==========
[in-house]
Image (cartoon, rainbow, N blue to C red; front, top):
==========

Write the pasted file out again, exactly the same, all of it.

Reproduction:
[in-house]
Image (cartoon, rainbow, N blue to C red; front, top):